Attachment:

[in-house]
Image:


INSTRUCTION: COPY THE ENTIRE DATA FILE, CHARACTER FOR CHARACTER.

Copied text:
[in-house]
Image: